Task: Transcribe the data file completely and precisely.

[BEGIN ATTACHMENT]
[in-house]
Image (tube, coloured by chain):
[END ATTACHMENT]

[in-house]
Image (tube, coloured by chain):